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Leagues File Suit to Protect Voters in Proof-of-Citizenship Case

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Yesterday, the League of Women Voters of the United States, along with the League of Women Voters of Arizona and the League of Women Voters of Kansas filed a motion to intervene in Kobach, et al v. U.S. Election Assistance Commission (EAC). The case, which involves the requirements in Kansas and Arizona to provide documentary proof-of-citizenship with a voter registration application form, will be heard by a U.S. District Court in Kansas on December 13, 2013.

In June, the U.S. Supreme Court ruled that the National Voter Registration Act (NVRA) blocks Arizona’s proof-of-citizenship requirement in relation to the national mail-in application form in the case Arizona v. Inter Tribal Council of Arizona, Inc. (ITCA). Arizona and Kansas are now seeking to circumvent this ruling in the new case against the EAC.

In order to intervene in this case, the League must prove that we have been directly and adversely impacted by the proof-of-citizenship requirements. In fact, the Arizona League was a plaintiff in the Arizona v. ITCA case. In that case, as well as the current case, the Arizona and now Kansas Leagues find that the proof-of-citizenship requirement inhibits them from fulfilling our mission to empower and expand the electorate by registering new voters. In the case that eventually became Arizona v. ITCA, it was reported that over 30,000 people were unable to register to vote because of the requirement.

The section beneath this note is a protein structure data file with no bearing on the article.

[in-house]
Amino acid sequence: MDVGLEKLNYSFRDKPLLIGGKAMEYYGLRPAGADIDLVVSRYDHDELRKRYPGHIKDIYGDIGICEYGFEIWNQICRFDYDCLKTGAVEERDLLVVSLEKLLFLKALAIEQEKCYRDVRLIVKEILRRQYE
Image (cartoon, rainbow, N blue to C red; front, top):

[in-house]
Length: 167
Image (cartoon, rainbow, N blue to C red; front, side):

Leagues across the country maximize their outreach efforts by holding voter registration drives in locations with large numbers of unregistered voters. Yet many eligible voters may not have the required documentation or may not have it with them at any given time and would thereby be prevented from registering to vote in Kansas and Arizona due to this requirement. For example, many married or divorced women with name changes, simply don’t have easy access to documentary proof of their citizenship. 

Additionally, there are substantial costs for the League if this requirement is implemented, including educating the public about it and assisting eligible voters in securing the necessary documentation.

Finally, the national League’s online elections resource would also be impacted by this requirement. We provide an online voter registration tool that utilizes the federal form developed through the NVRA, which allows us to serve eligible voters throughout the country with this multi-jurisdictional form.

With the motion filed, we are now waiting on the judge’s ruling on our intervention. The League is represented by the Brennan Center for Justice and pro bono counsel in this motion.

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